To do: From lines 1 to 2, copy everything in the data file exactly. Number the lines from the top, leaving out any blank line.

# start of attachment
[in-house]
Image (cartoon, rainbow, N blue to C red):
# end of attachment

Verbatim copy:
[in-house]
Image (cartoon, rainbow, N blue to C red):